App Reviewed on: iPhone 4
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iOS games often make me consciously realize the things I subconsciously want. I didn’t know I wanted a game depicting bird-pig warfare, or one in which I played a air traffic controller working at the world’s busiest and most dangerous airport.
Now Gorilla Gondola makes me realize I have always wanted a game about a gorilla on a gondola. It turns out the gondola in this case isn’t the iconic Venetian rowing boat, so I’m left still waiting for my dream game, but gorilla on a cabin car will do for now.
After all, Gorilla Gondola does offer an interesting take on the on-rails platformer. By swiping up and down on the screen I can make the monkey jump off and stomp on his cabin car, using his momentum to catapult him ping-pong up-and-down the screen. Meanwhile, tilting the iPhone sways him left and right, and this is vital to dipping our primate friend over and under the many obstacles in his way. Timing this correctly with just the right amount of power is easy on the starter levels, but the more difficult objectives require more panache in avoiding the obstacles, taking out the enemies, and picking up the bananas along the way. Even those who take to the exercise like a, well, gorilla to a cabin car will find the campaign’s challenge evolves nicely thorough deadly environmental additions like mines and lasers. True, every veteran skier knows the best way to get a gorilla off your cabin car is to fire lasers at him.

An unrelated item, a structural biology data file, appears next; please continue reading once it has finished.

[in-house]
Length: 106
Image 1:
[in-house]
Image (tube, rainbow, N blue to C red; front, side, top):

What’s disappointing about Gorilla Gondola is the design choice to tie level unlocks to completion of objectives. These objectives aren’t just set in any level; each one is tied to a particular level and that includes levels before the immediately previous one. With each unlock I found I had to repeat a few of the previous levels once or twice despite having completed each one several times before. I’m all for tying progress to objective completion – it works really well in Tiny Wings for one – but this system makes the game feel more repetitive than it actually is and comes off as an artificial way of lengthening a game that doesn’t need to be too long anyway. It helps that the levels have a small amount of random generation, making them slightly different each time, but I still found it tough to push through.
Still, all in all the game is a decent enough debut for new British outfit Electric Pixel Factory. If repeating levels doesn’t sound too bothersome, the idea of a quirky, different on-rails platformer appeals, and the letdown of the gondola being a cabin car doesn’t seem too great then check out Gorilla Gondola.